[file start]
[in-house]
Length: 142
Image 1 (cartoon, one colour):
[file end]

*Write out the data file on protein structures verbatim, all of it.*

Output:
[in-house]
Length: 142
Image 1 (cartoon, one colour):